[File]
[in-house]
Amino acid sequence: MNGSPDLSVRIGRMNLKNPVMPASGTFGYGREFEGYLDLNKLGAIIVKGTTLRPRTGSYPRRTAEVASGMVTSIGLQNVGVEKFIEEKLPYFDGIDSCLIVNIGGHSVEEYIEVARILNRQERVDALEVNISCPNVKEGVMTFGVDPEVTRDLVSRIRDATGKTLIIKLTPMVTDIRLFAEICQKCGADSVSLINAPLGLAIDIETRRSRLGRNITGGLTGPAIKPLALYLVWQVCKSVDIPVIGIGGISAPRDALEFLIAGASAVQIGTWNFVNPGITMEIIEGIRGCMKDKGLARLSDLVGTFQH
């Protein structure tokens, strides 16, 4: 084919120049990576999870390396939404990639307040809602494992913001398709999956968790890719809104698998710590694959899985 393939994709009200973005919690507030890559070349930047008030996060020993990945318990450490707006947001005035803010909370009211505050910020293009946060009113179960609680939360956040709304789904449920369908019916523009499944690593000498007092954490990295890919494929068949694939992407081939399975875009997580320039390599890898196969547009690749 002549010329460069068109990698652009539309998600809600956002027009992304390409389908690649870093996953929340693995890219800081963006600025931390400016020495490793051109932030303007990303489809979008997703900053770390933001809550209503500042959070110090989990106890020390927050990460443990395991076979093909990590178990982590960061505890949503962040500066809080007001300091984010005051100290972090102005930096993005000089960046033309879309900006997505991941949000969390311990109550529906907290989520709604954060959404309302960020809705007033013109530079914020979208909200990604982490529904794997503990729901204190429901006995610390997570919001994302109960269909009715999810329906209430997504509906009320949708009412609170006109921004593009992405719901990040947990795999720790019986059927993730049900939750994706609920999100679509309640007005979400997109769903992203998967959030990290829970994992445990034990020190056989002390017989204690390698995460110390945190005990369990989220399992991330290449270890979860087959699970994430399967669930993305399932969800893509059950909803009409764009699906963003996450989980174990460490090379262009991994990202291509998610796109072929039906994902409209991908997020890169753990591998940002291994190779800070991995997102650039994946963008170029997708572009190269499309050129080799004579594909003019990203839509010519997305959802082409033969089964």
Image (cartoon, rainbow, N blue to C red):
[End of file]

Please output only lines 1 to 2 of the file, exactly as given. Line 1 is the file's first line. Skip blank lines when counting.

[in-house]
Amino acid sequence: MNGSPDLSVRIGRMNLKNPVMPASGTFGYGREFEGYLDLNKLGAIIVKGTTLRPRTGSYPRRTAEVASGMVTSIGLQNVGVEKFIEEKLPYFDGIDSCLIVNIGGHSVEEYIEVARILNRQERVDALEVNISCPNVKEGVMTFGVDPEVTRDLVSRIRDATGKTLIIKLTPMVTDIRLFAEICQKCGADSVSLINAPLGLAIDIETRRSRLGRNITGGLTGPAIKPLALYLVWQVCKSVDIPVIGIGGISAPRDALEFLIAGASAVQIGTWNFVNPGITMEIIEGIRGCMKDKGLARLSDLVGTFQH